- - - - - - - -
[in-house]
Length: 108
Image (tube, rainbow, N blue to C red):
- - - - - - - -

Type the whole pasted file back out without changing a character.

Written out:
[in-house]
Length: 108
Image (tube, rainbow, N blue to C red):